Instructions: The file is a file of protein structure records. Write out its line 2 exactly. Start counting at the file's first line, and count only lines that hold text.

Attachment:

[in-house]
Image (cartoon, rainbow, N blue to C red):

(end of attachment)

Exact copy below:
Image (cartoon, rainbow, N blue to C red):